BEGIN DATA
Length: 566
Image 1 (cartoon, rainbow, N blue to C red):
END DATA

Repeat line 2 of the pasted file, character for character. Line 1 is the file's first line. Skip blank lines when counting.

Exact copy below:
Image 1 (cartoon, rainbow, N blue to C red):